In a USA Today story on June 7th, 2010 titled CDC: U.S. cigarettes contain more cancer-causing chemicals, CDC researchers announced that “the amount of tobacco-specific nitrosamines (TSNAs) in U.S. brands is about triple that of brands from Australia, Canada or the United Kingdom”.
It seems this should be of more concern to the FDA, who now has regulatory control over tobacco products, than the fact that they found miniscule levels of TSNAs in electronic cigarette liquid (not the vapor). In fact NJoy, who was one of the brands the FDA tested, had their own study commissioned on the electronic cigarette vapor and found that the vapor actually only contain one type of TSNA and this type of TSNA is not known to cause cancer.
So we have three products;
1) Tobacco cigarettes from the USA (the most TNSAs)
2) Tobacco cigarettes from Canada, UK, and Australia (1/3 of the TSNAs in US tobacco, but still at harmful levels)
3) Electronic cigarettes (tiny levels of TSNAs in the liquid, but no proof any cancer cause TSNAs are present in the vapor. How tiny is tiny? The FDA tested e-cigarettes for TSNAs in the parts per billion.)
If you were in charge of the FDA would you be more concerned about the 3x levels of TSNAs in American cigarettes or in the extremely tiny levels of TSNAs in electronic cigarettes? Which do you think pose a greater risk to public health?
Let’s be clear; tobacco cigarettes or any product that you burn and inhale is going to be very bad for you. But the devil is in the dose. How can lowering the level of a toxic substance not be a good idea? Well, Dr. Norman Edelman from the American Lung Association doesn’t think it is a good idea.
“There are two things in the paper that are disturbing to me….first, it seems as if U.S. smokers get more exposure to this deadly carcinogen than smokers in other countries. Second, there is the oblique suggestion that it might be worthwhile to try to reduce the levels of this carcinogen in tobacco smoke. This smacks of suggesting we make cigarettes ‘safer.’ However, there are dozens of carcinogens in cigarette smoke. There is no reason to believe that reducing one will make smoking safer.” – Dr. Norman Edelman from the ALA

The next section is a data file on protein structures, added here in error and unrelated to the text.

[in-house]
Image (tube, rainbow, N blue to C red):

Wait….so we shouldn’t reduce the levels of toxic substances in cigarettes because they are dangerous anyways? Cars are dangerous too, so don’t bother putting in seat belts or air bags. Why make anything safer? I agree we need to keep up the public education that inhaling cigarette smoke is in no way safe, but promoting the idea to keep cigarettes as toxic as possible to allow public “health” organizations the ammo to use in the media is absurd. Let me remind you Dr. Edelman that smokers are people. Yes they made at least one poor choice and became addicted to tobacco, but I don’t think that gives them less rights. And if inhaling smoke is your primary concern, then recommend they use an electronic cigarette. They don’t produce any smoke at all.